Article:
30 Jul 2021
Older people with dementia in deprived areas throughout Northern Ireland are benefitting from the ancient art of storytelling.
The Armstrong Storytelling Trust are using stories to inspire reminiscence and exercise the long term memory of participants on the project, reducing social isolation and increasing activeness for those taking part.
Funded by the Foundation’s Telecommunity Fund, the Armstrong Storytelling Trust, storytellers have visited Residential Care Homes and Activity Centres in Belfast, Derry, Newry, Armagh, Coalisland, Larne, Ballymena and the Causeway area to deliver “D’ye mind the day?”
Liz Weir, Project Coordinator for the Trust and Storyteller in Residence for Libraries NI is convinced of the healing powers of the ancient art of storytelling. “Even when short-term memory is greatly impaired, our clients can be inspired through stories and music to recite poetry learned by heart in their youth. They will share memories of school days, the war and other personal anecdotes and particularly love singing all the old songs, when again they amaze us by knowing them word for word.
“We have anecdotal reports from staff members of how the mood of their group members has been uplifted by the storytelling sessions and how conversations have continued for days after the storytellers have left. This has been a productive and rewarding project with which to be involved”.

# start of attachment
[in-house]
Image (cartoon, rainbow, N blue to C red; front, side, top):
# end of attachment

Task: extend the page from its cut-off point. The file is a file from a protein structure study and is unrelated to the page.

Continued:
“D’ye mind the day” has benefited groups in nine deprived areas of Northern Ireland, reaching a total of 169 people with dementia and their carers.
The Armstrong Storytelling Trust was set up by Roger Armstrong in memory of his parents Peg and Jack Armstrong, who were passionate about the ancient art of storytelling and started an adult storytelling group, Tullycarnet Yarnspinners which has been meeting on a monthly basis since 1991.
To find out how you can apply to the Telecommunity Fund, click here.
Watch the Armstrong Storytelling Trust, storytellers online here.